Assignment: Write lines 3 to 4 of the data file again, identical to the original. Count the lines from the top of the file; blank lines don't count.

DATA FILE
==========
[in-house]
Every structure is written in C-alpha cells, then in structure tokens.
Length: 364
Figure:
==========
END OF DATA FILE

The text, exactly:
Length: 364
Figure: